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Robinson-Patman Act

| Written by ILSR Admin | No Comments | Updated on Dec 2, 2008 The content that follows was originally published on the Institute for Local Self-Reliance website at https://ilsr.org/rule/antitrust-policies/2217-2/

The Federal Robinson-Patman Act prohibits manufacturers and suppliers from providing price discounts and other forms of preferential treatment to some buyers and not to others, if the effect of such discrimination is to lessen competition or injure individual competitors. Volume discounts are allowed only to the extent that they reflect actual differences in the cost of manufacture or sale of the product.

The law was enacted in 1936 amid growing concerns that large retail firms were using their market power to exact special deals from manufacturers not made available to small, independent businesses. As federal District Court Judge Abner Mikva noted in 1988, “Congress was convinced that, by protecting small businesses, it was also protecting the operation of a competitive economy.”

For more background and information on recent enforcement, see our Antitrust Policies page.

The Robinson-Patman Act is actually an amendment to Section 2 of the Clayton Act. The following is an excerpt. The Clayton Act which is part of Title 15: Commerce and Trade, Chapter 1: Monopolies and Combinations in Restraint of Trade of the U.S. Code.


Sections 2(a) through 2(f) of the Clayton Act, as amended by the Robinson-Patman Act, 15 U.S.C.A. 13(a) through 13(f).

15 U.S.C. Section 13 – Discrimination in price, services, or facilities:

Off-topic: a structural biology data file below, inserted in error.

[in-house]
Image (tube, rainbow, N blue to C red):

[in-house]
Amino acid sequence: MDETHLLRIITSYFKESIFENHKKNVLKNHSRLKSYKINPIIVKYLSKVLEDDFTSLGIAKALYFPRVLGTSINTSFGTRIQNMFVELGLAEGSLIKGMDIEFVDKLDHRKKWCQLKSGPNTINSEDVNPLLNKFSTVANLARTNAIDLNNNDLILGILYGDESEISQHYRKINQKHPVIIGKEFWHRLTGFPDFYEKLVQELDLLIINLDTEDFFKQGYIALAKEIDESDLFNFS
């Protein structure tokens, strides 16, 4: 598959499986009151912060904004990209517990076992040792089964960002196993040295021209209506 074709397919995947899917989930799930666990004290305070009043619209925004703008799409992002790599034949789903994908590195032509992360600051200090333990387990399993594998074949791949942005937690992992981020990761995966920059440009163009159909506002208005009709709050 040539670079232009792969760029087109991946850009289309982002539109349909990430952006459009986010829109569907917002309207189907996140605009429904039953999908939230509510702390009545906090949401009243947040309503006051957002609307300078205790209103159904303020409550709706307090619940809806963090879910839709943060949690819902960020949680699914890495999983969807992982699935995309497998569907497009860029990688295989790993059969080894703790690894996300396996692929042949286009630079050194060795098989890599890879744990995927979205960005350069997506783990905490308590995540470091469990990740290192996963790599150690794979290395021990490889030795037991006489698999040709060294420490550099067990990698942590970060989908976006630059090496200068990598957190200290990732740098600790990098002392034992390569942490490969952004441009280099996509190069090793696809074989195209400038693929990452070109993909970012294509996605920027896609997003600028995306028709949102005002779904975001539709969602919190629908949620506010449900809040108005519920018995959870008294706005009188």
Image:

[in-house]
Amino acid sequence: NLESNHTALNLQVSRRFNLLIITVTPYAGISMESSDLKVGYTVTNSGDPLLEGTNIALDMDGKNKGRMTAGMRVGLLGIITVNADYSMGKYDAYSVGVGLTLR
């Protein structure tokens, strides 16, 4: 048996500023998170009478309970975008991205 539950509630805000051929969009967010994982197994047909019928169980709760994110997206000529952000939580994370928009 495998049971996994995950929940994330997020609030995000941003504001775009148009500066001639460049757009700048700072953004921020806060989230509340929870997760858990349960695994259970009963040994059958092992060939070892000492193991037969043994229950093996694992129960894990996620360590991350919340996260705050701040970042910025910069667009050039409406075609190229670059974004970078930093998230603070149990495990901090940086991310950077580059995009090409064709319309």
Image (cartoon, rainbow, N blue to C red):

(a)Price; selection of customers. It shall be unlawful for any person engaged in commerce, in the course of such commerce, either directly or indirectly, to discriminate in price between different purchasers of commodities of like grade and quality, where either or any of the purchases involved in such discrimination are in commerce, where such commodities are sold for use, consumption, or resale within the United States or any Territory thereof or the District of Columbia or any insular possession or other place under the jurisdiction of the United States, and where the effect of such discrimination may be substantially to lessen competition or tend to create a monopoly in any line of commerce, or to injure, destroy, or prevent competition with any person who either grants or knowingly receives the benefit of such discrimination, or with customers of either of them: Provided, That nothing herein contained shall prevent differentials which make only due allowance for differences in the cost of manufacture, sale, or delivery resulting from the differing methods or quantities in which such commodities are to such purchasers sold or delivered: Provided, however, That the Federal Trade Commission may, after due investigation and hearing to all interested parties, fix and establish quantity limits, and revise the same as it finds necessary, as to particular commodities or classes of commodities, where it finds that available purchasers in greater quantities are so few as to render differentials on account thereof unjustly discriminatory or promotive of monopoly in any line of commerce; and the foregoing shall then not be construed to permit differentials based on differences in quantities greater than those so fixed and established: And provided further, That nothing herein contained shall prevent persons engaged in selling goods, wares, or merchandise in commerce from selecting their own customers in bona fide transactions and not in restraint of trade: And provided further, That nothing herein contained shall prevent price changes from time to time where in response to changing conditions affecting the market for or the marketability of the goods concerned, such as but not limited to actual or imminent deterioration of perishable goods, obsolescence of seasonal goods, distress sales under court process, or sales in good faith in discontinuance of business in the goods concerned.